A Free Market Reading List on Transportation Policy and Planning

As we continue to immerse ourselves in the soap opera of federal transportation reauthorization, I thought it might be useful to plug several recent books on transportation policy presenting free market approaches to transportation planning and investment. These books include strategies that reduce the role of public financing for roads, restore consumer & user priorities in investment decisions, and promote policies that allow for the rational and efficient management of the entire transportation network.

  1. Mobility First: A New Vision for Transportation in a Globally Competitive 21st Century, by Sam Staley and Adrian Moore (Rowman & Littlefield). Sorry, I have to plug my own book. But seriously, the chapters on the importance of travel speed as a key to economic productivity (Chapter 3), thinking of transportation systems as spiderweb networks (chapter 5), and the thinking three dimensionaly in building new capacity (Chapters 6, 7 & 8) really present new ideas that inextricably tie market-based approaches to transportation planning.
  2. Street Smart: Competition, Entrepreneurship, and the Future of Roads, edited by Gabriel Roth (Transaction Publishers). This is truly one of the most comprehensive and best collections of essays on free-market approaches to highways and roads available. Chock full of theoretical and practical insights.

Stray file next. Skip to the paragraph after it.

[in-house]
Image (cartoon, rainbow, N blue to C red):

3. Gridlock: Why We’re Stuck and Traffic and What To Do About It, by Randal O’Toole (Cato Institute). This highly accessible, thin volume grapples head on with a comprehensive range of transportation planning issues, including transit investment, green technology, Intelligent Transportation Systems, and even driverless cars.
  4. The Privatization of Roads and Highways, edited by Walter Block (Ludwig Van Mises Institute). This is a free market purist’s treasure trove of ideas, theory, history and applications. Many of the ideas can’t be applied in the here and now, but they provide a rich tapestry of strategies for a long term framework for privatizing the entire transport system.
  5. Curb Rights: A Foundation for Free Enterprise in Urban Transit, Daniel Klein, Adrian T. Moore, Binyam Reja (Brookings Institution). This thin but very accessible book presents a profound approach to priviatizing transit drawn from experience but (IMO) underappreciated in the free market community.
  6. The Road More Traveled: Why The Congestion Crisis Matters More Than You THink, and What We Can Do About It, by Ted Balaker and Sam Staley (Rowman & Littlefield). This book may be the most accessible on the list with concise journalistic-style arguments for why speed is important to modern life, the 10 myths of sprawl and urban travel, interviews with luminaries in privatizing and pricing roads, and checklists for how to solve the problem. Lots ideas that can be taken off the shelf and applied now at the federal, state, and local levels.